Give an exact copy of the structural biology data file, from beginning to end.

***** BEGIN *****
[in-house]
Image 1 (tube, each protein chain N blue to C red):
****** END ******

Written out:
[in-house]
Image 1 (tube, each protein chain N blue to C red):